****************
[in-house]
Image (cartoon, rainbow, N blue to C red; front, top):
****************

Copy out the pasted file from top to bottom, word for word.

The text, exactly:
[in-house]
Image (cartoon, rainbow, N blue to C red; front, top):